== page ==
And of course, “Being remembered” is form of symbolic immortality.
But we’re back to our original question: Is “being remembered” enough?
When I think of the powerful Egyptian kings, ordering their slaves to inscribe their names repeatedly on the walls around their tombs or on those pyramids, I think about the reality of our world which is that some have the power, whether through wealth, talent, or luck, to write their names very large and very often on the cultural artifacts of history. They have the power to create a symbolic immortality for themselves.
Of course, for these Egyptian rulers, symbolic and literal immortality intersected. It’s impossible to separate the two, given that through the symbols they believed they did live on in some literal way.
But it’s not fair, is it? It’s not fair that the wealthy and powerful can create more or greater immortality for themselves–even on the backs of those slaves whose hope for the afterlife rested in the hands of the powerful.
But to bring the question back to us, is symbolic immortality enough? Does a mere symbolic immortality, bereft of any belief in literal immortality–of agency, relationships, love, feeling–really provide a defense against the otherwise emotionally debilitating knowledge of our imminent demise?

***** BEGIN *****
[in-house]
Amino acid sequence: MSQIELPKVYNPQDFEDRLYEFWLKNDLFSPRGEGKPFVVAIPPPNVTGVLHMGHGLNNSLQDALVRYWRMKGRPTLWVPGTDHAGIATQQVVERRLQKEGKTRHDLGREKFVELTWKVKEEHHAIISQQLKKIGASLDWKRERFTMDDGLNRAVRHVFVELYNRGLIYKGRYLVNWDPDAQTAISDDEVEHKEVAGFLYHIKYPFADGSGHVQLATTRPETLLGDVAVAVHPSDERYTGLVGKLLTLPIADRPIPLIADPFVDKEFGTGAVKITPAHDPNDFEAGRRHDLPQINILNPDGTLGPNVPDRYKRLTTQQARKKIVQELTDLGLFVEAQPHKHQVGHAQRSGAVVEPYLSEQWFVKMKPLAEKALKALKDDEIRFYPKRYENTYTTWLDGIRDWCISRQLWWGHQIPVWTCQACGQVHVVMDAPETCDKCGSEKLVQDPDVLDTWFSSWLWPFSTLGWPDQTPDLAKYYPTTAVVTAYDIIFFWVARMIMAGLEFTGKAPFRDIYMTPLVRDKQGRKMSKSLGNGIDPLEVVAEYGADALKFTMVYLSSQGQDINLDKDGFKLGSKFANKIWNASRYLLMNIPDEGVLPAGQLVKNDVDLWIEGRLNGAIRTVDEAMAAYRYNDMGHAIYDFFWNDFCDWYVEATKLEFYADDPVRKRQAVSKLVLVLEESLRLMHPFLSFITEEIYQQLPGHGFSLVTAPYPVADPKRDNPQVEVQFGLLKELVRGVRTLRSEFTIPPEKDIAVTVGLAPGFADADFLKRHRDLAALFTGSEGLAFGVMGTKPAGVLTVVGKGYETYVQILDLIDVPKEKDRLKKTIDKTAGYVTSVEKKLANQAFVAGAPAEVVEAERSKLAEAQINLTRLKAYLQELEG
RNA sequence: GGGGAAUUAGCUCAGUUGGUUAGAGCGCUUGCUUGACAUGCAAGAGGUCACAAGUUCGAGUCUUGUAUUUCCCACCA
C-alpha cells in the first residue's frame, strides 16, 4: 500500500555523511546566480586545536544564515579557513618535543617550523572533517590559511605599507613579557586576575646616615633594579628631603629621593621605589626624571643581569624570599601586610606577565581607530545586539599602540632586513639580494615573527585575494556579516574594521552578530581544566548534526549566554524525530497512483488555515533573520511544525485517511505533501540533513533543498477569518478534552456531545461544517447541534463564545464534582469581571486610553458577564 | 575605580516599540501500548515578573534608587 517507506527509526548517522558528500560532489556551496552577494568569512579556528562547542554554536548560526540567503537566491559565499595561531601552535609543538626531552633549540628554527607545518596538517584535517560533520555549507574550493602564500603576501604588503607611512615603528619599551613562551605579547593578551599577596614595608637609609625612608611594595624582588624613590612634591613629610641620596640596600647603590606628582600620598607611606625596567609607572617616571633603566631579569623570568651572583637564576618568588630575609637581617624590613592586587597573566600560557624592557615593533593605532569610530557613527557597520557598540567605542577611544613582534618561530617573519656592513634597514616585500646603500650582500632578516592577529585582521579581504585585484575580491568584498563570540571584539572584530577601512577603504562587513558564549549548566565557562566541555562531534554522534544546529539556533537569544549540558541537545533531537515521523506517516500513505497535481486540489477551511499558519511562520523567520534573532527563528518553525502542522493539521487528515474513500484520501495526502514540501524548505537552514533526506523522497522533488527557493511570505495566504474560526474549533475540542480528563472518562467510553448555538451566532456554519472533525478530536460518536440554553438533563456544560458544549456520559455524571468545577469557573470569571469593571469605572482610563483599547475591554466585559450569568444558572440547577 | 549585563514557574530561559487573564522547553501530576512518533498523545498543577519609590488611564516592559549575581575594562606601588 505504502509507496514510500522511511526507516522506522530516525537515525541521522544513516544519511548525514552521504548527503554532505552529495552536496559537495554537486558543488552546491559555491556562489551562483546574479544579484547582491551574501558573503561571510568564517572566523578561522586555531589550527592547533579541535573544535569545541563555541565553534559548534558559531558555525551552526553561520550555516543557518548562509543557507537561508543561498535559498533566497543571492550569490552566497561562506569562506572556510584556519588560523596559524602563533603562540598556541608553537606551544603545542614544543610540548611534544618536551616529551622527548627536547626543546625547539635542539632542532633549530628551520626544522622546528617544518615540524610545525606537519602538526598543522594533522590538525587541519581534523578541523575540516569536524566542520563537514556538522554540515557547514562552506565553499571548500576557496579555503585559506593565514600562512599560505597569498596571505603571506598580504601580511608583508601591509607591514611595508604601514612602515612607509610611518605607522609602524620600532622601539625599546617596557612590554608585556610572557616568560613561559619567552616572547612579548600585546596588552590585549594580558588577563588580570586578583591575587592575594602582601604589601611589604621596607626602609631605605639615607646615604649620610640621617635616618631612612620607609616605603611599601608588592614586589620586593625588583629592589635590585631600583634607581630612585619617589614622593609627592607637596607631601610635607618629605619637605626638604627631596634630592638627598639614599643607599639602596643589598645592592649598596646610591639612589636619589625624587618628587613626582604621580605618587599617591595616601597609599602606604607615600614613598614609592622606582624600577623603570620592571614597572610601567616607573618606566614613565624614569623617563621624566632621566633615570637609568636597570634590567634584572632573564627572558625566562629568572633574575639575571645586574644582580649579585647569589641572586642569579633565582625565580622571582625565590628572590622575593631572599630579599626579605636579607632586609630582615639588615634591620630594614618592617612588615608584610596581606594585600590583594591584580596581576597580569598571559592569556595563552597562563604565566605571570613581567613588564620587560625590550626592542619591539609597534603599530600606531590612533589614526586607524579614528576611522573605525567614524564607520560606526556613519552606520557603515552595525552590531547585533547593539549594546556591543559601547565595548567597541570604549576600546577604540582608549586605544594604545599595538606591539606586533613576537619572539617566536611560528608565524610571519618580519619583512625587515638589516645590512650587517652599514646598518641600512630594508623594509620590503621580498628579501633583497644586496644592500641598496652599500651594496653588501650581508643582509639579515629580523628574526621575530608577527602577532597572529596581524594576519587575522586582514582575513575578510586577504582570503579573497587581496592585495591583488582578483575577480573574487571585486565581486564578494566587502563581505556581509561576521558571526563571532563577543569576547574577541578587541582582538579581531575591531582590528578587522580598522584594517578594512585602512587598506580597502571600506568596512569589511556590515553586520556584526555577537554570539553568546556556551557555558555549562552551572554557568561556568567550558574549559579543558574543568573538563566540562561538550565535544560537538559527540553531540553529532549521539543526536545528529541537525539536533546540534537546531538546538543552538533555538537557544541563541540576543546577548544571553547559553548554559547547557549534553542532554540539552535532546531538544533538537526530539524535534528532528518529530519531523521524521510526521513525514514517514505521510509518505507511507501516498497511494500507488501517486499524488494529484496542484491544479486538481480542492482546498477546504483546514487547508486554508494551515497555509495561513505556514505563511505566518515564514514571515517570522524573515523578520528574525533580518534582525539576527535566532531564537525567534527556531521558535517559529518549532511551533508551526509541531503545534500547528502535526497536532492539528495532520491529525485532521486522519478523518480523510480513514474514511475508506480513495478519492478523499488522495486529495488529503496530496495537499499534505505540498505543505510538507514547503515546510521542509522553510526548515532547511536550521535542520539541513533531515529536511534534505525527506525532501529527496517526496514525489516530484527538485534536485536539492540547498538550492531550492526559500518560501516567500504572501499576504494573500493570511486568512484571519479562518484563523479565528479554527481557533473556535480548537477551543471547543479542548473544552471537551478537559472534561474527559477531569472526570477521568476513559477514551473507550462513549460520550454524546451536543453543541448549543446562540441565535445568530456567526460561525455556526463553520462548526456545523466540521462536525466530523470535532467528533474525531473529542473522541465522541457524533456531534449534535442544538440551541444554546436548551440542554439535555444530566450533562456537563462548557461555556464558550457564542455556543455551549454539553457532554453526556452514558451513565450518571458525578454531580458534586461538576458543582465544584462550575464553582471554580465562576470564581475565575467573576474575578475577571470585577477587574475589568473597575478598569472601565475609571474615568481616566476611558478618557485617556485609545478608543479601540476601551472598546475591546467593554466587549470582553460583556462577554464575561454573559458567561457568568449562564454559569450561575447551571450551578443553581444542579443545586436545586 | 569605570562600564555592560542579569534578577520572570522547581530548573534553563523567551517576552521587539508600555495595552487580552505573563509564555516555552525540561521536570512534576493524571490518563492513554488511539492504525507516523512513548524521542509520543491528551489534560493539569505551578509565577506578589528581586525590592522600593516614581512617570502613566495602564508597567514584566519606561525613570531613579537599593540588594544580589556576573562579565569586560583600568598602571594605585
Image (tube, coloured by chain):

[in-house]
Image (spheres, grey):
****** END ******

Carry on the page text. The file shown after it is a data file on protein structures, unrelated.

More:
I agree with Jewish scholar Neil Gilman, who answers the question, “Is memory enough?” in The Death of Death this way:
…I tend to minimize the popular notion that one’s immortality rests in the memories one leaves behind, in the impact of one’s life on friends, family and community, in children and grandchildren, in the institutions one helped build, the students one taught of the books one published…
It is not sufficient for me, however, largely because this view does not acknowledge my concrete individuality as I experience it during my life here on earth. According to the view that my immortality is fulfilled through succeeding generations, my immortality merges with that of the countless others who share in shaping the identity of those who follow us. Judaism, on the other hand, provides me with a doctrine of the afterlife that affirms that despite the influence on me of countless others, I remain a totally distinct and individualized human being. It is precisely this individualized existence that is most precious to God and that God will preserve for eternity… (245).
The other important factor to add, here, is that if the memory of us is our best and only hope for immortality, (1) we won’t be around to enjoy or appreciate that memory, and (2) that memory will fade when the last person to remember us is also gone. We will then no longer exist.
Literal immortality, on the other hand, affirms that God’s creation of life–all life–is too good to come to an end. It also refuses to differentiate between the powerful and the not-powerful. The rich cannot purchase a longer memory than the poor can. The powerful cannot inscribe their names in history for longer than the weak can.